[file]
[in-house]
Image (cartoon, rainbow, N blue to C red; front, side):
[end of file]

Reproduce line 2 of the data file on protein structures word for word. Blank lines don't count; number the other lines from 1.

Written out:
Image (cartoon, rainbow, N blue to C red; front, side):